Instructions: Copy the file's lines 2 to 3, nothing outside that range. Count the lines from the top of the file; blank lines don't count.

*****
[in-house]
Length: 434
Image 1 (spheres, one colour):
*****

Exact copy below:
Length: 434
Image 1 (spheres, one colour):